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May 9, 2013
Welcome to the first installment of the Baseball Prospectus’ Reliever Report: Fantasy Edition. This is a fairly standard article in the fantasy community, so a long, drawn-out introduction is unnecessary. The focus every week will be on:
What started out in Boston as a fairly clear-cut situation has become an unpredictable closer carousel. Andrew Bailey was supposed to be the closer, but an injury that started out as day-to-day wound up putting Bailey on the disabled list. Joel Hanrahan then felt pain on Monday night and also hit the DL with a forearm ailment.
Initial speculation focused on Koji Uehara as the eventual closer, but John Farrell told Jim Duquette on MLB Radio that he was going to use Junichi Tazawa in the ninth inning. Both relievers have been dominant, but in shallower leagues, Tazawa is the guy to add right now. It’s too soon to guess when Hanrahan and Bailey will be back and what their roles will be when they return, so consider this a short-term add.
J.J. Putz left Tuesday night’s game with a hand injury, and Heath Bell finished up for his second save. Although this is still a developing story, it sounds like manager Kirk Gibson will use Heath Bell in the ninth initially. While this news has everyone LOLing due to Bell’s struggles with the Marlins last year, he has actually been fairly effective of late and the victim of a poor BABIP. David Hernandez has slumped recently, and Bell might get the first few opportunities, but Hernandez is definitely worth stashing based on his ability. Matt Reynolds has been terrific, but usage patterns make me believe that he is more of a middle reliever/quasi-specialist than a closer in Kirk Gibson’s eyes. Buster Olney of ESPN is reporting that Putz may be out for a significant amount of time, so if Bell or Hernandez are available in your leagues, grab one or both.
Dale Sveum told Paul Sullivan of the Chicago Tribune that Kevin Gregg is the closer going forward. This could change, but Gregg has converted all of his save chances and this more than anything else is what managers look at. Gregg isn’t anything special, but as long as he is pounding the zone, he will be an okay option in the ninth. I would hang on to Kyuji Fujikawa, just in case, in all but the shallowest of formats.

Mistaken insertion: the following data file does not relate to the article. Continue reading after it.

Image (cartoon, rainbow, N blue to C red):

Craig Kimbrel has blown two saves in his last three outings and three in his last five. His strikeout rates remain tremendous, but he has been leaving the ball up in the zone, which is reflected in his fly-ball rate. Kimbrel is dominant enough that he’ll be fine, but the increased fly-ball ratio is worth watching. Kimbrel isn’t going anywhere, but if the Braves do decide to give him a mental-health break, Jordan Walden is the guy who might pick up the odd save or two.
Velocity isn’t everything, but Rafael Betancourt’s fastball zip has dropped from 91.4 miles per hour in 2012 down to 89.8 miles per hour this year. Not surprisingly, his strikeout rate has plummeted, from 30.8 percent in 2011 to 24.2 percent in 2012 to 18.9 percent this year. Betancourt’s a fly-ball pitcher whose recipe for success in Coors Field has had a lot to do with his high whiff rate. He hasn’t blown a save or allowed a home run yet, but if Raffy remains this hittable, he’s going to have some difficulties later this season.
Concerns over Casey Janssen’s offseason shoulder surgery have all but disappeared. Despite reduced velocity, Janssen has pounded the bottom half of the zone and kept the ball on the ground, stymying his opponents without allowing a home run or a walk in 12 appearances. Janssen will obviously cool off, but if you grabbed Sergio Santos or another Blue Jays reliever in the hopes of grabbing a closer-to-be, your investment is unlikely to be rewarded.
Mike DiGiovanna of the Los Angeles Times is reporting that Ryan Madson will pitch in two or three games in Arizona in extended spring training before the Angels activate him. Ernesto Frieri will probably hold the job even after Madson is activated, but I imagine the leash won’t be long. Frieri’s high walk rates probably put him at some risk once Madson joins the squad.
Los Angeles Dodgers manager Don Mattingly implicitly gave Brandon League the dreaded vote of no confidence by saying that he’s considering mixing up the closer role, even though he doesn’t want to mess up the bullpen. Managers typically don’t offer unsolicited comments on bullpens when they’re happy with the status quo. League has converted eight of nine save chances, but has been his underwhelming self as of late. For now, this is merely something to monitor, but I suspect that League doesn’t have a lot of leeway.
Francisco Rodriguez is now pitching in High-A ball for the Milwaukee Brewers. He has an opt-out clause in his contract if the Brewers don’t call him up to the big club by May 17. K-Rod will probably be called up to the big-league bullpen but is unlikely to supplant Jim Henderson as the closer.
Closer Earnings to Date (through games of Tuesday, May 7, 2013)
Top Reliever Earnings, Non-Closers